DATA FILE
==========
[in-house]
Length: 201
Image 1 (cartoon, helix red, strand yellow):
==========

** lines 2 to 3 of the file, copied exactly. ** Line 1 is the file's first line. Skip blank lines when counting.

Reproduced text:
Length: 201
Image 1 (cartoon, helix red, strand yellow):